28 Oct 2020
07 Oct, 2020
BY Jesi Bolandrina
Millions of Americans have felt pandemic layoffs and business closures impact their careers in 2020. Many have turned to the gig economy to stay afloat. A study by Upwork found that 24% more people entered the gig economy this summer than in previous years. Gig workers are an alternate hiring solution for businesses trying to manage their operational expenses. This means job boards and listings are getting flooded with options for temporary or project-based work.
While a rapidly growing need for gig workers is great for applicants, it can create an issue for hiring companies. It can make you feel like your posts are getting buried or overlooked. So, what should you do to get your job post more applicants? We’ve put together five things you can do to get your job post to stand out and attract high-quality candidates.
A well-written and competitive job post begins with an easy-to-understand post title. When a job seeker visits a job board, they will be presented with an endless scrolling list of options. Your job post title needs to convince a seeker to stop scrolling. If your post is easy to ignore, you’re going to find yourself spending more time trying to get more job applicants. Save time and frustration – make sure your job title is eye-catching.
“The title is the first thing that a worker will see,” said Sara Avellar, Customer Success Manager at Jobble. “It is important to be straight forward in describing the job. But, it is also your chance to catch our community’s attention.”
You will want to find a balance between straightforward and attention grabbing. Think about the terms and job titles a job seeker would look for if they wanted a job like yours. Quirky or creative job titles (like sales ninja or marketing guru) receive fewer applicants. On the other hand, too simple of a title can be detrimental too. A warehouse job titled “Associate” doesn’t provide enough information and wouldn’t stop potential applicants from skipping past it.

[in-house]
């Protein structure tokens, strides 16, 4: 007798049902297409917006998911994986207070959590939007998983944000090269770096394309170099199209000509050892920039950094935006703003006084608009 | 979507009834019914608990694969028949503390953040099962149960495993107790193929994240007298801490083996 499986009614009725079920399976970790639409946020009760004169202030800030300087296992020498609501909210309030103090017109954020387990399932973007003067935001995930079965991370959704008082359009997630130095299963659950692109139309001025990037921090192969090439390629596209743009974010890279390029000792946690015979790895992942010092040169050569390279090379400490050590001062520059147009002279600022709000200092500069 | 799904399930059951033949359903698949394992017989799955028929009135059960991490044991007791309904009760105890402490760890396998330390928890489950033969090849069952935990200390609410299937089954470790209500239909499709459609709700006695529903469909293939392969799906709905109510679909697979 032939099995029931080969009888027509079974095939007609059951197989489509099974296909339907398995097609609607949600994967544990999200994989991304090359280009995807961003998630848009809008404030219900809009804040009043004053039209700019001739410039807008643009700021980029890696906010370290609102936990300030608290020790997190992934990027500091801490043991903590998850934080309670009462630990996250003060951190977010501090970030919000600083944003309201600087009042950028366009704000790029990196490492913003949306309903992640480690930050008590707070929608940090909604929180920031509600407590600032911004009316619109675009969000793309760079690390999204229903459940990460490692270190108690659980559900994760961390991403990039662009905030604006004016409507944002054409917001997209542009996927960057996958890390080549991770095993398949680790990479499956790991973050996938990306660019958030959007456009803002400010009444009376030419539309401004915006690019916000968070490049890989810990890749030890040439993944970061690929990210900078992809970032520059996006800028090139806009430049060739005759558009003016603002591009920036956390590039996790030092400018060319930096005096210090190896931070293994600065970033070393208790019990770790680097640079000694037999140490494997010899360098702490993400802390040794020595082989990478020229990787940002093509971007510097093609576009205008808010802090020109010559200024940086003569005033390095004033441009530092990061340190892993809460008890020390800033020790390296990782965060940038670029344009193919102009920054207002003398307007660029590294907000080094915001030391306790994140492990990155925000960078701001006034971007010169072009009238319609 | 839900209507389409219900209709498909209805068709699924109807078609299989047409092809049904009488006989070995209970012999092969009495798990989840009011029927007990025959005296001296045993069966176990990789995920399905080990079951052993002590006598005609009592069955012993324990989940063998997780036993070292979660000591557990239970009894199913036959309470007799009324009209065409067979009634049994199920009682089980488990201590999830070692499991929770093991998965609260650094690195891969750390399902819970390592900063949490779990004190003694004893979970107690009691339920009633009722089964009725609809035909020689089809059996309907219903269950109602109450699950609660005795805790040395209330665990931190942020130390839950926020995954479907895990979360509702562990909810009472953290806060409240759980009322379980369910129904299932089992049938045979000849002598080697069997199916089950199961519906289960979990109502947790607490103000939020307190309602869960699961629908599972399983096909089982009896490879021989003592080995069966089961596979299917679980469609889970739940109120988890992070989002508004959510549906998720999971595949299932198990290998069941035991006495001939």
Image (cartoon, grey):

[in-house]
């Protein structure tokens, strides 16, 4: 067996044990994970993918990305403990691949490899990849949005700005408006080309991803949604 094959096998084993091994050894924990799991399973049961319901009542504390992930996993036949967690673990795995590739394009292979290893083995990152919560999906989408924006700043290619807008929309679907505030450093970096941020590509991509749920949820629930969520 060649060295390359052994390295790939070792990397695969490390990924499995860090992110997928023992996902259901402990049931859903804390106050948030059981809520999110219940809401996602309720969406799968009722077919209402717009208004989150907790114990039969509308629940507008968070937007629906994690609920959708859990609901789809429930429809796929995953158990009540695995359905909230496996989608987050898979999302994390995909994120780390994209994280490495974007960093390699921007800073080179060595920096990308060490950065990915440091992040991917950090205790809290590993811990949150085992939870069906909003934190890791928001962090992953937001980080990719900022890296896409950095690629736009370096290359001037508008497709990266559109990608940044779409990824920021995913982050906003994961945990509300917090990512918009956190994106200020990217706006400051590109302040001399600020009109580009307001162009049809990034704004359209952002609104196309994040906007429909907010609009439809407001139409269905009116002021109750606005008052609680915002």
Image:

Consider adding other key words that could catch an applicant’s attention. “Adding to the title can be a tool in your arsenal if you aren’t getting traction with the community,” said Avellar. “Flagging that a job is urgent, new or that the rate increased, will catch an applicant’s eye as they scroll through their options.”
Pay rate is a commonly used filter when searching a job board for opportunities. Visit a job board and search for your job to see if you have a competitive hourly or project rate. View the other listings that appear and compare your posted pay rate. If yours is lower, it could be a large factor into why your post isn’t getting enough interest. If your rate is competitive, you will find yourself getting more job applicants.
Matt Pozner, Sr. Community Manager of Growth and Acquisition at Jobble, shared: “At Jobble, we find that a competitive post starts at $15 per hour but some cities see higher rates, like San Francisco ($19-$22) and Seattle ($18-$21).”
You should consider your hourly or project rate, but also the duration of your job. A slightly lower-than-average hourly rate could be balanced by having a longer shift duration. Workers look at both the hourly rate as well as the potential earnings.
As mentioned in the last tip, workers want to look at a job’s potential earnings when deciding to apply. This means they are interested in how much they can make through the job while also wanting to know if there are future needs they can reapply for.